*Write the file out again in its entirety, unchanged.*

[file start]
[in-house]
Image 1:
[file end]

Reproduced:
[in-house]
Image 1: